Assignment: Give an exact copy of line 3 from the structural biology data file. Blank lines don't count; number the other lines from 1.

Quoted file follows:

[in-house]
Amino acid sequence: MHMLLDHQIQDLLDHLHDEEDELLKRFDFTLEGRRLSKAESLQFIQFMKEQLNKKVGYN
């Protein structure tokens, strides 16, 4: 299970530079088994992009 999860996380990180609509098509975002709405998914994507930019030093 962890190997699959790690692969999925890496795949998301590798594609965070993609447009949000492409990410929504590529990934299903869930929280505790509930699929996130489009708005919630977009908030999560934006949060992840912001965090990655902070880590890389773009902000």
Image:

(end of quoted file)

């Protein structure tokens, strides 16, 4: 299970530079088994992009 999860996380990180609509098509975002709405998914994507930019030093 962890190997699959790690692969999925890496795949998301590798594609965070993609447009949000492409990410929504590529990934299903869930929280505790509930699929996130489009708005919630977009908030999560934006949060992840912001965090990655902070880590890389773009902000």